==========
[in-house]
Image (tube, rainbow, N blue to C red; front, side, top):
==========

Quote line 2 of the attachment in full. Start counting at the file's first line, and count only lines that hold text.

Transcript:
Image (tube, rainbow, N blue to C red; front, side, top):